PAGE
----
Bilateral exchange rates are widely discussed in the public arena. Most developed economies have, in the last three decades, consciously moved from a fixed exchange rate regime to something approximating a purely floating regime. In conjunction with this change has been the increased attention that the concept of an exchange rate equilibrium has received from many academic economists, including those in many central banks. Large fluctuations in exchange rates over the period have, however, left many observers to wonder whether such movements have been consistent with equilibrium behaviour or whether the currencies have been, in some sense, misaligned. This issue is further complicated by the fact that there is no single accepted definition or measure of exchange rate equilibrium, but rather the choice of model depends on the question at hand.
The Australian exchange rate, in particular, has undergone a number of deep fluctuations in recent years. Consequently, a number of questions have arisen with respect to what the drivers of such fluctuations have been and whether there has been an element of misalignment to these factors. Currently, there has been little academic work regarding the measurement of an Australian equilibrium exchange rate. By surveying the literature on behavioural equilibrium exchange rates (BEERs) as well as a number of other equilibrium measures, this dissertation seeks to address this gap by constructing a CHEER (a nominal exchange rate version of a BEER) model for the Australia-US bilateral exchange rate. The results of this analysis suggest that the exchange rate has been misaligned for substantial periods since floating, on average around 12 percent. The suggestion is that at December 2006, the end of the data sample considered, the exchange rate was 15 percent over-valued, which is consistent with PPP based estimates, similar to measurements reported by the Pacific Exchange Rate Service.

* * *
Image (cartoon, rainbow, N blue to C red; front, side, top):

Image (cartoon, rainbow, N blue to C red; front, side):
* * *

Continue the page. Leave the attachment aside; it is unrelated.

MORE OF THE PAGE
To further analyse the importance of substantial exchange rate fluctuations, an examination of the links between productivity and the exchange rate in an Australian context is also provided. It is found, consistent with a number of the other studies, that the traditional links between the exchange rate and productivity are muddied by a number of short term forces. Australia has significantly lagged behind a number of its nearest trading neighbours in terms of productivity growth for extended periods over the last three decades, which according to the Balassa-Samuelson hypothesis would have led to a depreciation of the real exchange rate. In fact the opposite is true; the Australian-US bilateral real exchange rate has appreciated strongly in recent times. Causes of this appreciation have included the dramatic terms of trade increases that have been observed as well as sustained effects of speculative forces through the so-called carry trade. The world wide commodity price boom, which has fuelled significant export growth of minerals from Australia to the rest of the world, is argued to be the main factor underlying these dramatic increases.